This booklet aims to help people who have osteoarthritis, and their families and friends. It helps you understand osteoarthritis – how it develops, and how to deal with it.
The word ‘osteoporosis’ means, literally, ‘porous bone’. It is a condition where you gradually lose bone material so that your bones become more fragile. As a result, they are more likely to break even after a simple fall. This booklet has been produced for anyone interested in finding out more about osteoporosis.
Osteomalacia is a condition which affects the skeleton. It is is often, but not always, caused by lack of vitamin D. The people most often affected are the frail elderly and people of South Asian origin.
In this booklet we explain how the neck works and the common causes of neck pain and related conditions. We describe simple ways of dealing with neck pain as well as the main medical and complementary treatments.
Polymyalgia rheumatica (PMR) is a condition in which you have many (poly) painful muscles (myalgia). It is common and very treatable with drugs known as corticosteroids (steroids).
‘Myositis’ means inflammation of the muscles. Polymyositis is a condition which affects mainly the larger muscles of the body, such as those around the shoulders, hips and thighs. This booklet also deals with dermatomyositis which causes a particular skin rash with muscle inflammation that is similar to polymyositis.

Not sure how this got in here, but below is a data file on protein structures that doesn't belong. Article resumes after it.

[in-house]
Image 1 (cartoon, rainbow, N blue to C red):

This is a type of arthritis which causes inflammation in and around the joints, usually in people who already have the skin condition psoriasis. Sometimes, however, the arthritis develops before the psoriasis.
If you have Raynaud’s phenomenon your hands, and sometimes your feet, change colour when exposed to cold conditions. This is often accompanied by pain, coldness and tingling. Typically the hands go white, then blue, then red as they warm up again.
This booklet is for anyone who wants to find out more about reactive arthritis. You may be suffering from the condition yourself, or you may be a friend, relative or partner of someone with reactive arthritis.
This booklet aims to help people who have rhematoid arthritis, and their families and friends. It helps you understand rheumatoid arthritis – how it develops, and how to deal with it.
The word ‘scleroderma’ means ‘hard skin’. However, many people with scleroderma have problems not only with their skin but with other parts of their bodies as well. The condition is also known as ‘systemic sclerosis’.
The most common symptoms of SjÃ¶gren’s syndrome are dry eyes or a dry mouth (sometimes both together), and feeling very tired and aching. Sjogren’s syndrome is an autoimmune disorder, meaning that the body’s immune system, which usually fights infections, attacks the body’s own tissues.
This booklet explains why people get shoulder pain and discusses the usual conditions which cause problems. Most shoulder problems settle with simple treatments, but more complex treatments, such as arthroscopy and other forms of surgery, are also discussed.
Vasculitis means inflammation of the blood vessels. This booklet explains what vasculitis is, how it is recognised, how it is treated and what you can do to help your treatment.